“Is this personal or professional?” asked the executive director of a multi-million dollar nonprofit of his direct report as he questioned a check request for less than $100 for a multi-session professional development program she planned on attending. The announcement of the series had been sent to to executive directors who were asked to share it with appropriate staff, and was offered by a very well-recognized management support organization dedicated to improving the operations, management and governance of nonprofits so that those organizations can become stronger and better at delivering on their mission promises. Hello, Executive Director? What don’t you get? Where do you see personal in an effort to become a better organizational leader.
Contrast that with the executive director of a small organization who has sent three different employees to participate in this series of programs over the last three years, and you see those who get it and those who don’t.
Effective professional development cannot help but lead to personal growth and development, no doubt about that. But I know very few people who select professional development opportunities expressly to obtain personal development, as the options for the latter far outnumber—and truth be told, far out-excite–the former. So, how would you disentangle the professional from the personal? Better yet, why would you even bother?
Far too many leaders at nonprofits see professional development as a risk they aren’t willing to take as opposed to an opportunity to empower and enable their employees and to show appreciation and respect. Time and time again, I hear senior managers explain their unwillingness to provide professional development opportunities to staff this way: “Why should I spend money to send a staff member to a professional development event when she’ll just use to get a better job?”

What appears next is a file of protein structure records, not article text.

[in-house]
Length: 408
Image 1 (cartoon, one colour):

What does this say about the culture of the organization or the sector as a whole? It says we are not a learning community, we don’t value our employees, we don’t believe in growth and new perspectives, etc. It says we are a scared little (having nothing to do with size and everything to do with mindset!) organization that doesn’t believe our employees are here for the mission but simply for the pay check; thus, they are always looking for better compensation and will leave at a drop of a hat. And yet everything about the nonprofit culture says that is hardly how most of us behave.
Most of us in the sector chose our place of employment because of its mission; it is the mission that holds our loyalty, not the paycheck. How many of those people do you think would run just because the organization had the audacity to invest in them? to show appreciation by giving them the opportunity to grow, to learn new and/or better ways of doing their mission work, of thanking them for their work?
The Nonprofit Finance Fund just released its 2011 State of the Sector Survey that finds that 85% of nonprofits surveyed anticipate a slight to significant increase in demand for their services in 2011. This is on top of 77% having already experienced a slight to significant increase in demand for their services in 2010. How will these organizations take care of its overtaxed staff? A bit fewer than twice as many (32%) are planning on giving raises in 2011 than are planning on freezing or reducing salaries (18%), while essentially equal amounts (9% and 8%, respectively) are planning on improving benefits as reducing them. One-third is planning on increasing the use of volunteers to pick up the slack.
In these tough economic times, where employees are overworked and underappreciated, giving them opportunities for professional development might just be the best the best thing you can do for the organization. It isn’t personal; it’s business.